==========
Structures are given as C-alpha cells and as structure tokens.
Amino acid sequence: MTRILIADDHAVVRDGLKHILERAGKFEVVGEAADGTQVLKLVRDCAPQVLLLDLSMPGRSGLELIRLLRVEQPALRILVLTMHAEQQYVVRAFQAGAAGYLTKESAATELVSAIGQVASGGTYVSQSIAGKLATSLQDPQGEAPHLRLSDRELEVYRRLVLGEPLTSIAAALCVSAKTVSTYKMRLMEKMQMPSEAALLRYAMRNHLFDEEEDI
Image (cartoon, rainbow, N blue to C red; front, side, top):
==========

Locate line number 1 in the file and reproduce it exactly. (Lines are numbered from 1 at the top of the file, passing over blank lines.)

Structures are given as C-alpha cells and as structure tokens.